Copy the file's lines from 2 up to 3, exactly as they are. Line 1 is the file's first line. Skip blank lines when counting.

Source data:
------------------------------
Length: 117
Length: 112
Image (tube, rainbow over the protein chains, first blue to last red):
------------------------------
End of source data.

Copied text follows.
Length: 112
Image (tube, rainbow over the protein chains, first blue to last red):